Science and Society… Science Education. You’ve heard me speak of this issue so many times here, so I won’t repeat myself too much. Seems that Natalie Angier is in agreement – So much so that she took matters into her capable hands and wrote a book to try to change things: “Canon: A Whirligig Tour of the Beautiful Basics of Science”. I have not read it, but I’ve heard a lovely NPR interview with her today, and she read an extract. You can hear it at this NPR site, and also read an even longer extract there.
In the interview, she backed off a bit from saying that everyone learning a bit of basic science literacy is of vital importance (increasingly so in this day and age, I’d say), although she acknowledges that there are a number of us in the scientific community who do think so. You’ll notice the -perhaps understandably- lighter approach (“these things are fun…” ) that is taken in the book blurb I quote below. While I agree that the fun part is very important indeed (and we really need to get that across a lot!), and that one should always try to persuade rather than scare, I do think that we’re in a dangerous situation sometimes with regards the overall science education and attitude to science of our citizenry. We should definitely not be reluctant to say it. I think that she thinks so too, but does not – when promoting a book – want to make the book seem like it is bitter medicine, but rather, a bit of tasty candy. I’d prefer to think of books like this as a delicious piece of fruit: both tasty and good for you. To be fair, I should mention that in the interview, while declining to subscribe entirely to the view herself, she mentioned a scientist acquaintance who considers the issue as analogous to the urgency for everyone to acquire literacy when the world changed and printing and the written word became common currency. While we are not quite there yet, I’m inclined to agree with that view, on balance…
Well, rather than repeat myself endlessly on this interesting matter, here’s the blurb from her website:
THE CANON is vital reading for anyone who wants to understand the great issues of our timeâ€”from stem cells and bird flu to evolution and global warming. And it’s for every parent who has ever panicked when a child asked how the earth was formed or how electricity works. Angier’s sparkling prose and memorable metaphors bring the science to life, reigniting our own childhood delight in discovering how the world works. “Of course you should know about science,” writes Angier, “for the same reason Dr. Seuss counsels his readers to sing with a Ying or play Ring the Gack: These things are fun and fun is good.”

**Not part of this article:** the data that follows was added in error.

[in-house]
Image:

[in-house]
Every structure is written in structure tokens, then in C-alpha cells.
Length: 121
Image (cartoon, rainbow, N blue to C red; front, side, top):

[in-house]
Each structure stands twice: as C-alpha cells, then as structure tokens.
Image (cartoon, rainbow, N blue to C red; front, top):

THE CANON is a joyride through the major scientific disciplines: physics, chemistry, biology, geology, and astronomy. Along the way, we learn what’s actually happening when our ice cream melts or our coffee gets cold, what our liver cells do when we eat a caramel, why the horse reveals evolution at work, and how we’re all made of stardust. It’s Lewis Carroll meets Lewis Thomasâ€”a book that will enrapture, inspire, and enlighten.
I’ve not read it, but I’m going to guess that overall, this will be a very good read indeed! From what I gather, it is not one of those books of dry facts. Facts alone do not make science. It sounds like she’s taken care to write a book that also gets across the process, the beauty and the poetry of science. This makes for a good book.
[Update: KC Cole has a review of the book in Sunday's LA Times book section. She likes it, overall, with some reservations that she explains carefully. Have a look at the review here.]
I hope you might consider reading it, if looking for such a way into a variety of science topics…. and/or give it as a gift to someone who is.